John Kline (R-MN-02) rarely issues statements explaining his votes as most of the time, Mr. Kline is simply following Party leader orders.
But there are some issues where the party does not vote in lockstep … and that’s when voters can really see the “real John Kline”.
Disaster relief funding has become controversial. In the end it seems that enough people can agree to help out the affected areas … but there are those that surprise you. John Kline’s opposition to funding after the I-35 bridge collapse still amazes … as was the case recently Virginia’s Eric Cantor and Oklahoma’s Tom Coburn wanted offsets after disasters hit their states.
But what if offsets are provided, would you still vote against funding ?
Well, John Kline did.
It was a simple switch to move monies within the Homeland Security appropriation :
Mr. BEN RAY LUJÁN of New Mexico :
Madam Chair, in what has been one of the worst drought years in the recorded history of my home State of New Mexico, we’re already feeling the effects of another severe fire season. Already, more than 18,000 acres of forest have burned as a result of two fires caused by downed power lines, and those numbers are growing as we speak. Hundreds of homes have been threatened and families have been evacuated. In 2011, during the Las Conchas fire, we lost 150,000 acres of forest to wildfire, again caused by a downed power line.
The importance of disaster preparedness is key to saving human lives and property. My amendment today would make available an additional $10 million for State and local grant programs to ensure local towns and communities can be prepared for catastrophic wildfires before they hit. This amendment is cost neutral.
While there may be concerns by some of my colleagues and even opposition, I would ask, Madam Chair, that we work together to understand that when there are communities burning that we reach out and we try to do what we can to help these innocent individuals.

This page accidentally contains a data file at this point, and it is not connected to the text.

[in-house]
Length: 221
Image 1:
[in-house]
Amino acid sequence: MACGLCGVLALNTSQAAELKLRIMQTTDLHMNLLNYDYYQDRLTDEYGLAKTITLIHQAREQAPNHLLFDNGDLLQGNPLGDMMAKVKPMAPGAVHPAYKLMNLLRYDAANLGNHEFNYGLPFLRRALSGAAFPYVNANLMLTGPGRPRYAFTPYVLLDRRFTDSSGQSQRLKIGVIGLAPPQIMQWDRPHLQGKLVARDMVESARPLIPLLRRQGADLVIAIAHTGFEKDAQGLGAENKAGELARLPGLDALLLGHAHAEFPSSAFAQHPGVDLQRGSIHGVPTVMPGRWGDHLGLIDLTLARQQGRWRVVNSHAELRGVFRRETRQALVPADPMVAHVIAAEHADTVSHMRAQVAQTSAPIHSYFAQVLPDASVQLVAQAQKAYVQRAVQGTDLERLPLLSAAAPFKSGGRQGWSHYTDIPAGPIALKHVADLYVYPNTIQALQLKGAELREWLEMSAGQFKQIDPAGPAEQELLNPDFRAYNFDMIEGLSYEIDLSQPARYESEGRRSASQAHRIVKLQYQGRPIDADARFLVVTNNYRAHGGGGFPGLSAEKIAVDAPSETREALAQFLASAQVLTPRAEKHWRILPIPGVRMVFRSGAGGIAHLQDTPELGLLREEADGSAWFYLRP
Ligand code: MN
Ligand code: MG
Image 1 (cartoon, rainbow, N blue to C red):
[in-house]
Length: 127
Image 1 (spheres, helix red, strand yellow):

My amendment would also allow local utilities to take preventive measures for the causes and impacts of wildfires. We must do all we can to ensure that communities have the resources they need to address the dangers and damages of wildfire before and after catastrophic events occur.
The only opposing voice to the amendment was that the Administration should make the funding decisions — to “examine the intelligence and risk and puts scarce dollars where they are needed most–whether it’s a port, rail, surveillance or access in hardened projects, or whether it is to high-risk urban areas or to States” … which seems kinda odd after Congress just went through rejecting decisions made by the Secretary of Transportation regarding sequester funding.
The Luján amendment embraces the Power of Congress as established in Article One of the Constitution.
The House overwhelmingly voted in favor Representative Luján’s amendment … but John Kline said NO.
Why would John Kline object ?
It’s about being prepared … it was funding for next fiscal year … Wildfires are a problem … for many of us they are just a highlight on the television news of some faraway place like California, New Mexico or Texas, but to those that experienced the 50 acres burned in the Boundary Waters near Cummings Lake in 2012 or the more than 150 acres that burned in the BWCA in 2011, they know it is real.
And they must wonder who John Kline represents.